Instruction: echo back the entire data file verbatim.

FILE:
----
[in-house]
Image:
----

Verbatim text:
[in-house]
Image: